I can remember trying to write stories when I was six.  But my kids got me writing stories for them when they were in school.

 

10-  What motivated you to continue writing?

My eldest daughter wanted to be able to buy a book in a bookshop that her mother had written for her. She asked me to write a story about an adventure in Afghanistan. She kept at me until I had done it for her and them she asked me to send it to a publisher. She made me become a writer.

11-  What inspired/motivated you to write this story?

Which one? Marrying Ameera? I was in Pakistan on a writing fellowship and got the idea form some people we met who told me about forced marriages in Azad Kashmir. It went from there. When she was in Year 11 she wrote a picture book for English. A few years ago we rewrote  it so a publisher would like it and now it is published. It is called The Wish giver'. You can see a picture of this on my website.

 

12-  Did you have to write a book proposal? How did you do this? Did you need a Literary Agent?

For my most recent work that I am writing now, I had to write a book proposal as the publisher wanted to know what it was about before I had written it yet. I wrote a synopsis (outline), a piece about the main character, the research I expected to do and an example of the writing style in the proposal. It was about 3 pages long.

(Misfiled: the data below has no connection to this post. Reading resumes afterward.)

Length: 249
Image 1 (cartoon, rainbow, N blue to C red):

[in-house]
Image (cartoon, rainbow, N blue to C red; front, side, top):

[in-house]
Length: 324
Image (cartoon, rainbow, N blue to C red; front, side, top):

Agents: I think agents are a good idea. They help you get onto a publisher's desk. I got a fellowship at Varuna House in NSW and I was talking to Peter Bishop there and he said I should have an agent and suggested one to ask. That made it easier to do. They were full (or didn't want me) and so I asked them to suggest someone else to ask. This is always the problem isn't it? Knowing who to ask. So they suggested someone (Jenny Darling & Assoc) and they accepted me. What may have helped was that I had 2 books just accepted: Zenna Dare & Sailmaker. I now have Jacinta di Mase because she is a children's book specialist and she was looking after me when I was with Jenny Darling. So when she branched out on her own to go part time, I joined her after a while.

 

13-  Do you have any other useful pieces of information I may benefit from?

I'm sure I do. One may be to be persistent and determined. There are many set backs in eth world of the arts but if you are sure of what you are meant to do you can keep at it. There are many talented people who could write a book and get it published but never do. You need passion in what you're doing to keep being persistent, and confidence in yourself.

 

14-  How did you think of the title for your novels?

Titles are difficult. I got the title for Sailmaker when I drove past a restaurant called 'The Sail Loft' and I thought that sounded catchy. I was reading many magazines about fishing before I found the title The Keeper, ie a fish worth keeping. The publisher helped me with Marrying Ameera. I had called the story Stolen Bride but they didn't like that and in the end they came up with Marrying Ameera. It has worked well.

Sometimes to find a title I re-read the manuscript and pour over the thesaurus trying the find the best title. I make lists and lists of title sometimes until I find the one that seems to fit and sounds catchy enough to capture readers' attention.